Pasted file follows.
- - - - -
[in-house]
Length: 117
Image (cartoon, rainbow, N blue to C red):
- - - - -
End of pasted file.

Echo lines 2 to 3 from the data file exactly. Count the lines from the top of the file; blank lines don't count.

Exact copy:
Length: 117
Image (cartoon, rainbow, N blue to C red):